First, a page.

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Fish in Their Variety

Probably the most frequent question asked us by those who come to San Francisco is: "Where can we get the best fish?" With San Francisco's wonderful natural advantages as a fish market one is sometimes surprised that more attention is not given to preparing fish as a specialty. But one restaurant in the city deals exclusively with sea food, and even there one is astonished at an overlooked opportunity.

Darbee & Immel have catered to San Francisco in oysters for many years and after the fire they opened the Shell Fish Grotto, in O'Farrell street, between Powell and Mason streets, and this is one of the very few distinctive fish restaurants of the country. It is when one considers the possibilities that a shock comes from the environing decorations. White and gold pillars, with twining ivy reaching to the old gold and rose mural and ceiling embellishments seem out of place in a restaurant that is devoted entirely to catering to lovers of fish. Nothing in the place indicates its character except the big lobster in front of the building. Not even so much as a picture to bring a sentiment of the ocean to the mind.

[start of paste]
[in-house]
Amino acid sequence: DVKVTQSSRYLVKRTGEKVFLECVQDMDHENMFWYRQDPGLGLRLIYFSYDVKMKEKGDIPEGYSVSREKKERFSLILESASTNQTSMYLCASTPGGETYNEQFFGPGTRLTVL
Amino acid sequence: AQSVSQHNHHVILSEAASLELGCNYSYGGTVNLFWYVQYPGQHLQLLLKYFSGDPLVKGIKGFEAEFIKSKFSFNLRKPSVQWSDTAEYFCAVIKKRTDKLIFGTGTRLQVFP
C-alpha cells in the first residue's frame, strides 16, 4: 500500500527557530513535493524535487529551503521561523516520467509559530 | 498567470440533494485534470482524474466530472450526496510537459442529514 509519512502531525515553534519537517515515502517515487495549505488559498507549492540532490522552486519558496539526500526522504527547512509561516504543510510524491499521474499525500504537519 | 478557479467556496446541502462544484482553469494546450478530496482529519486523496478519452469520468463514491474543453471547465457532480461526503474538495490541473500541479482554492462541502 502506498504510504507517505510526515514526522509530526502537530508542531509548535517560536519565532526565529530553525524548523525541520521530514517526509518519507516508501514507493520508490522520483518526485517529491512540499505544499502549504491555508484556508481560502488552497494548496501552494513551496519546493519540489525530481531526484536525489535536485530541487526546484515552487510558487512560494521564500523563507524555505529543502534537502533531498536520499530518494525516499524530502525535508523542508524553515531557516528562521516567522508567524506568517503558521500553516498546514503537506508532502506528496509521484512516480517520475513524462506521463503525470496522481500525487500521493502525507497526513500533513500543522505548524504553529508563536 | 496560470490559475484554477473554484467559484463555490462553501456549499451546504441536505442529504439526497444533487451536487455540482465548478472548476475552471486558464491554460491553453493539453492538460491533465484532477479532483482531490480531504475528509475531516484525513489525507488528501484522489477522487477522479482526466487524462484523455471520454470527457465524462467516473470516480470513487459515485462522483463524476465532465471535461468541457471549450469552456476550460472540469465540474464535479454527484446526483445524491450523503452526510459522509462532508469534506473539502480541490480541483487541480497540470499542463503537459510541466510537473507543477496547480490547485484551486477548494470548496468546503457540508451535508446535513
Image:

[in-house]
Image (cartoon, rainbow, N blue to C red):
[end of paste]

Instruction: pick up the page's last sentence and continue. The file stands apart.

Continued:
We are going to take a liberty, and possibly Darbee & Immel may call it an impertinence, and give them a bit of advice. It costs them nothing consequently they can act on it or not and it will make no difference. This is our suggestion: